My success in life is based on my love and respect for daydreaming. I've always been a daydreamer. At the age of seven, I envisioned a space opera of powerful Lizians, Heart Monkeys and Star People who fought against the tyrannical Lizard Men. I loved this world and I visited every chance I got. I spent so much time fleshing out my world rather than school work that by the end of high school I had a written a truly intricate science fiction novel and I had the poor grades to show it. It was also an amazingly horrible novel. When I showed it to a girl I liked in high school, because high school chicks dig sci-fi authors, I couldn't have anticipated the reaction, “I can't believe you waste your time dreaming about stupid stuff like this.”
To this day, I still waste most of my time “dreaming about stupid stuff.” Most of those dreams now involve my work rather than fantastical worlds, but the love is still there. I set aside several hours every week to dream about what could be. I sprawl out in these dreams, I linger, and I set no goals for myself in what I hope to accomplish. I ask myself, what would make this amazing? Why would that be amazing? What is the essence of amazingness? I go down every corridor, until I get to the essence of the problem and the solution. This isn't work that can measured; this is my time to enjoy myself and untangle life's truly difficult puzzles. It is during these times that I get excited about the potential of what could be.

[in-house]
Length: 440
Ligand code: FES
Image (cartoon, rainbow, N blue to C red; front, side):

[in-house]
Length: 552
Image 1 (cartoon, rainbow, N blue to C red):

Without this time to dream, my work would have no direction. I would be subject to the whims of whomever is yelling the most at a particular moment or whatever crisis of the week has sprung up. Dreaming builds a vision and a vision creates purpose. When something urgent comes up, I can keep it in the context of whether it is truly more important than the great things I've envisioned.
Where many other dreamers go wrong is their dreams stay dreams. I love my dreams, but I also respect them. That respect means that while I set aside time each week to dream, I spend the rest of my week making them happen. I temper my excitement for the amazingness of what could be by telling myself that greatness takes time. So I take the smallest step possible towards the dream that I can put into action. I then dream again the next week, but this time a smarter me is dreaming, informed by the realities of taking that small step forward. That smarter me comes up with an even better dream. Dream and reality march forward together as the work evolves, always daring to dream of perfection while letting reality take its time to get there. This constant cycle of vision and execution is what leads inevitably to success.